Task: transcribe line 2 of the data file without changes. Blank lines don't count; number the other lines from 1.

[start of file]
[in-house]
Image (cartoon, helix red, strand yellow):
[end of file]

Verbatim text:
Image (cartoon, helix red, strand yellow):